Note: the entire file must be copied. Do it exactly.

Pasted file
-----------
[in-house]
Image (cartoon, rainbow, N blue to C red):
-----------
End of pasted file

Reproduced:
[in-house]
Image (cartoon, rainbow, N blue to C red):